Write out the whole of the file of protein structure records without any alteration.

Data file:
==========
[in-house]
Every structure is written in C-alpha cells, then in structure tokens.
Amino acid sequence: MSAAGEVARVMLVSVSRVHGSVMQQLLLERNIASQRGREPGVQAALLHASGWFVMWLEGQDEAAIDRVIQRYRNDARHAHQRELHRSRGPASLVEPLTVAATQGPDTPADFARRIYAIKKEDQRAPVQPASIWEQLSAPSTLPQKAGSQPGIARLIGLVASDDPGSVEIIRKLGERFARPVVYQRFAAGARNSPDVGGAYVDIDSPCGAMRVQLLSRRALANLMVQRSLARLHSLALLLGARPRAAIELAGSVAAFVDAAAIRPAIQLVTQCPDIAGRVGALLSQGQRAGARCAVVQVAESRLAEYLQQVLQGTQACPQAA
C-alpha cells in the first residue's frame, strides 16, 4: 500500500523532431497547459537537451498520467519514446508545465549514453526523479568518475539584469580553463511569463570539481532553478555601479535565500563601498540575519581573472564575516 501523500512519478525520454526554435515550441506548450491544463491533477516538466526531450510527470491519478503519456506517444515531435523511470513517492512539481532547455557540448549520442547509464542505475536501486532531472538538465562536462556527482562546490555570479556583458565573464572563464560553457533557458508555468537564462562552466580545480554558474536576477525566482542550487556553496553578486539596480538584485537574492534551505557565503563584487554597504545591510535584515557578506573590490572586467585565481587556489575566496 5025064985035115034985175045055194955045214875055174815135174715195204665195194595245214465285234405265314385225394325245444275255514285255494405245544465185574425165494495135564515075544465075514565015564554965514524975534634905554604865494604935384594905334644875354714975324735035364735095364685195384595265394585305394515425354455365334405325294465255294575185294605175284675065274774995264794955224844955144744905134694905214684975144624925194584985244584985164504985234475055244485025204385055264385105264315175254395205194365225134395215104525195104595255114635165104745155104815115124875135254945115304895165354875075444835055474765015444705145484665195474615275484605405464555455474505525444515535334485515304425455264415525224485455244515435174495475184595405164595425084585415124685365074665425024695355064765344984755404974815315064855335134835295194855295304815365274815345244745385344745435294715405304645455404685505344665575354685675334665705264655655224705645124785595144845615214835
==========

[in-house]
Every structure is written in C-alpha cells, then in structure tokens.
Amino acid sequence: MSAAGEVARVMLVSVSRVHGSVMQQLLLERNIASQRGREPGVQAALLHASGWFVMWLEGQDEAAIDRVIQRYRNDARHAHQRELHRSRGPASLVEPLTVAATQGPDTPADFARRIYAIKKEDQRAPVQPASIWEQLSAPSTLPQKAGSQPGIARLIGLVASDDPGSVEIIRKLGERFARPVVYQRFAAGARNSPDVGGAYVDIDSPCGAMRVQLLSRRALANLMVQRSLARLHSLALLLGARPRAAIELAGSVAAFVDAAAIRPAIQLVTQCPDIAGRVGALLSQGQRAGARCAVVQVAESRLAEYLQQVLQGTQACPQAA
C-alpha cells in the first residue's frame, strides 16, 4: 500500500523532431497547459537537451498520467519514446508545465549514453526523479568518475539584469580553463511569463570539481532553478555601479535565500563601498540575519581573472564575516 501523500512519478525520454526554435515550441506548450491544463491533477516538466526531450510527470491519478503519456506517444515531435523511470513517492512539481532547455557540448549520442547509464542505475536501486532531472538538465562536462556527482562546490555570479556583458565573464572563464560553457533557458508555468537564462562552466580545480554558474536576477525566482542550487556553496553578486539596480538584485537574492534551505557565503563584487554597504545591510535584515557578506573590490572586467585565481587556489575566496 5025064985035115034985175045055194955045214875055174815135174715195204665195194595245214465285234405265314385225394325245444275255514285255494405245544465185574425165494495135564515075544465075514565015564554965514524975534634905554604865494604935384594905334644875354714975324735035364735095364685195384595265394585305394515425354455365334405325294465255294575185294605175284675065274774995264794955224844955144744905134694905214684975144624925194584985244584985164504985234475055244485025204385055264385105264315175254395205194365225134395215104525195104595255114635165104745155104815115124875135254945115304895165354875075444835055474765015444705145484665195474615275484605405464555455474505525444515535334485515304425455264415525224485455244515435174495475184595405164595425084585415124685365074665425024695355064765344984755404974815315064855335134835295194855295304815365274815345244745385344745435294715405304645455404685505344665575354685675334665705264655655224705645124785595144845615214835